Vernaccia di San Gimignano

DOCG designation of origin for white wines from the Italian Tuscany Vernaccia is an Italian white wine grape variety that is mainly cultivated in the area of ​​the Tuscan city of San Gimignano. Vernaccia di San Gimignano was the first Italian DOC wine in 1966 and was one of the first to receive DOCG status in 1987. The wines are delicately fruity with a light spice in the fragrance, juicy and firm on the palate; better qualities are occasionally vinified or expanded in barriques.

trickling, trickling through

shedding flowers or young berries between the first blossoming and the final development of the berries; In principle, this shedding is a natural process within the vegetation cycle of the vine and its fruit development - however, if too many flowers are shed, this affects the yield. The grape varieties Riesling, Gewürztraminer and Pinot Noir, the Austrian Neuburger, the Italian Picolit, and the red wine grape variety Sankt Laurent are particularly prone to trickling. In addition to such variety-specific characteristics, the reasons for the trickling can also be a disturbed fertilization as a result of too low temperatures or insufficient supply of the vine with the nutrient boron.


A blend wine (also known as a cuvée) is a wine that has been composed of several grape varieties in order to combine the positive properties of the individual grape varieties and to create a multi-layered wine. An example would be a blending wine in order to benefit equally from the scent of the Traminer and the acidity of the Riesling. Due to the blending, of course, the uniqueness of certain grape varieties is lost, which is why the blended wine has both advantages and disadvantages.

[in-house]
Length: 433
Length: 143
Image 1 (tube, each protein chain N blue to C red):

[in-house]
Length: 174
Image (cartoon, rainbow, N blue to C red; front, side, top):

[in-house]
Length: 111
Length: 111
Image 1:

Red wine grape variety from the north of the Italian region of Piedmont; the late-ripening variety is cultivated on almost 180 hectares (1999) of vineyards and goes into the production of the DOC or. DOCG wines Boca, Bramaterra and Ghemme. In the Oltrepò Pavese area, Vespolina is also known under the name Ughetta.

Multilayered, complex

showing numerous aromas; Term of the wine language for high-quality wines with a rich spectrum of fragrances and great elegance. Complex wines do not have to be strong or heavy, as is often assumed.

Vin de Paille

French for straw wine. Specialty of the French wine-growing region Jura; however, the grapes rarely dry on straw, but mostly in small wooden boxes or on wooden slats. The wines are made from red or white grape varieties such as Pinot Noir, Chardonnay or Savagnin and ferment for up to 24 months. They are then aged in wooden barrels for several months and marketed under the Denomination of Origin L'Ètoile or Arbois.


Process grapes or musts into wine; the term generally encompasses the totality of the work steps in winemaking from receiving the grapes to bottling the finished wine; but it can also only refer to the stage from fermentation to acid degradation.

Vin Jaune

Wine specialty of the French wine-growing region Jura, which is pressed from overripe grapes of the Chardonnay and Savagnin varieties; it matures in barriques for at least six years, which are not topped up during this time. The wine comes into extensive contact with atmospheric oxygen, but at certain times of the year a layer of pile forms on its surface, which protects it from too rapid oxidation. The wines, which are marketed under the designations of origin Arbois and Château-Chalon, are characterized by their dense, yellow color and their particular aroma, reminiscent of dry nuts, spices and honey.